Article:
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20th Century & Contemporary Sale of Pictures, Studio Pottery, Glass and Design

Daniel Goddard, Head of the Picture Department, introduces the first 20th Century & Contemporary Pictures & Sculptures with Studio Pottery & Design Sale.

Terry Frost, RA (1915-2003): Bowl of Cherries, Late Spring (SS4/16). Estimate £8,000-£12,000.

Terry Frost, RA (1915-2003): Bowl of Cherries, Late Spring (SS4/16). Estimate £8,000-£12,000.

Bearnes Hampton & Littlewood Fine Art Auctioneers are launching a new category of sale for 2018 and on 27th February 2018 will hold a 20th Century & Contemporary Sale of Pictures, Studio Pottery, Glass and Design.

The sale consists of art works and design produced typically from the 1960s to the present day. There is an emphasis on pictures with stand-out lots like the iconic Sir Terry Frost canvas collage titled Bowl of Cherries, Late Spring (SS4/16), which was a favoured work of the artist that hung in his bedroom and now has a pre-sale estimate of £8,000-£12,000 (plus buyer's premium of 21% plus VAT).

Another major work by Terry Frost is the Lustful Blue (SS4/17) triptych with an estimate of £12,000-£18,000 (plus buyer's premium of 21% plus VAT). The triptych consists of 71x86cm saturated shaded blue canvases with complimentary geometric collage that pull the whole together.

With lower estimates, from £80-£1,000, there are a number of other Terry Frost artworks that include screen-prints and a large black and white photograph of the artist in a studio with a wallpaper design.

There are three lots in the auction sale, a watercolour (SS4/1), a studio pottery jug (SS4/2) and a driftwood sculpture (SS4/3), by Lydia Corbett, a student and favoured model of Pablo Picasso, known then as Sylvette David. Lydia moved to England in 1968 and has exhibited in London, Europe and Japan. In 1993, the Tate Gallery staged a major exhibition of Picasso's Sculpture and Paintings to coincide with a BBC documentary film on Lydia and Picasso. In 2014, parallel exhibitions in London and Germany showcased the work of Corbett and Picasso.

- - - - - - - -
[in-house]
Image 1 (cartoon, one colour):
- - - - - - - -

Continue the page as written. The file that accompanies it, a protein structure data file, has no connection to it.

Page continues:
A collection of seven paintings and metal sculptures by Michael Neville Seward Snow (1930-2012) have close links to Cornwall and St Ives. Snow had seen an exhibition of St Ives artists in Liverpool and this inspired him to move there in 1951. Two years later he was elected member of the newly found Penwith Society along with Barbara Hepworth and Ben Nicholson.

From 1965 to 1985, Snow entered the field of education. He taught at the vibrant Exeter College of Art where he became Director of the Combined Honours Course and his interdisciplinary openness made him popular with his students. That 'openness' is reflected in this collection or works from the artis's estate that include the Cornish coastal and mining inspired Kenidjack oil (SS4/36) and the Oval Forms metal sculpture (SS4/42). Estimates for Snow's works range from £300 upwards.

Of less abstract form, there is a group of modern paintings by Alan Cotton and these include a landscape of the valley to Branscombe Village in East Devon (SS4/66) that has an estimate of £800-£1,200 (plus buyer's premium of 21% plus VAT) and an almost photogenic oil painting of a Leopard in a Jackalberry Tree by David Scott (SS4/35), which is estimated at £1,000-£1,500 (plus buyer's premium of 21% plus VAT).

The studio pottery is led by two big names from the 20th Century. A porcelain bottle vase by Dame Lucie Rie and a stoneware Cycladic vase by Hans Coper come from the same collection dating back to the 1970s and have estimates of £8,000-£12,000 and £4,000-£6,000 (plus buyer's premium of 21% plus VAT) respectively.

And standing-out in the design section is a silver-topped Marmite jar (SS4/45) which is more affordable with an estimate of £60-£80 (plus buyer's premium of 21% plus VAT).

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